With the release of the first Ethereum Virtual Machine-compatible ZK roll-up, a new era has begun, allowing projects like Uniswap and Sushi to port over for scaling readily.
Some of the most prominent names in decentralised finance, such as Uniswap, Sushi, Maker, and Curve, will launch the zero-knowledge proof roll-up zkSync Era.
After four years of development, the Ethereum layer 2 scaling network is now available to consumers in alpha, facilitating quicker and more affordable transactions. It is the first Ethereum Virtual Machine-compatible zk-Rollup to launch on the mainnet, enabling most Ethereum DApps to be ported over with minimal modification.
On March 24 or over the weekend, 32 to 50 projects are expected to go live, including Balancer, Pyth Network, Mute, Redstone, Graph, and Argent. Also migrating to the network are Banxa, Yearn Finance, Celer, Chainlink, Aragon, Woo Network, and Tracer DAO.
The director of engineering for zkSync developer Matter Labs, Anthony Rose, stated earlier in the week that: “Friday for us is the big one, it’s full launch alpha,”
Although zkSync Era can provide scaling orders of magnitude greater than Ethereum’s current 10 to 12 transactions per second (TPS), Rose stated that it would initially offer “tens of TPS” and scale up as demand dictates.
On February 17, the project released its fair onboarding alpha, allowing projects to port over and test out security and optimisations. Matter Labs reported spending $3,8 million on security testing, seven independent security assessments, and a bug bounty program to reduce the possibility of incidents.
The mission continues, and we’ve got more exciting news to share from zkSync Era’s fast-growing ecosystem. Today, we’re announcing our collaboration with WEMADE, creators of @WemixNetwork, to make the future of blockchain gaming a reality. #jointhemissionhttps://t.co/UVBHE838Rr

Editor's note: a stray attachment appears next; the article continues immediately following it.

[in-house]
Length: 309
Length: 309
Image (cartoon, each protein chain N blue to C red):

— zkSync ∎ (@zksync) March 22, 2023
Zk-Rollups, including zkSync, Scroll, and solutions from Polygon, StarkWare, and Consensys, compute transactions away from the Ethereum blockchain while providing a small cryptographic proof is written as a single transaction back on Ethereum to demonstrate that a group of other transactions have been executed correctly.
Additionally, zkSync uses recursion, which generates a proof showing that a collection of other proofs (each representing numerous transactions) have been executed.
Zk-Rollups can facilitate instantaneous withdrawals, giving them an advantage over optimistic-rollup layer 2s such as Optimism, for which withdrawals take one week. However, zkSync Era will initially impose a 24-hour waiting period as a precautionary measure.
Native account abstraction
zkSync has also enabled native account abstraction, which means every account in the network is a “smart account” that can use two-factor authentication (2FA), social recovery, autopay transactions, and more via smart contract wallet providers such as Argent.
“This was and probably still is my favorite feature,” Rose said, clarifying that it enhances Ethereum’s ERC-4337 implementation and will help eliminate “jankiness” for new crypto users entering the market.
— Cointelegraph (@Cointelegraph) March 1, 2023
Not yet decentralised
At launch, zkSync Era will not be entirely decentralised, allowing the development team to implement rapid patches for security or technical issues. Nonetheless, a time limit will be enforced in the future so that the Security Council and community can approve decisions.
zkSync, like its competitor StarkWare, utilises a centralised sequencer and prover, which are quicker but create a single point of failure. Running a prover, however, necessitates purchasing expensive hardware or renting cloud capacity for $10,000 per month, making decentralising this networking aspect more complex. StarkNet, the decentralised variant of StarkWare, currently operates at 0.11 TPS, highlighting the difficulty.
This year, according to Rose, a new proof system that drastically reduces hardware requirements will be available on the mainnet.
There are many challenging problems to address before the systems can be implemented.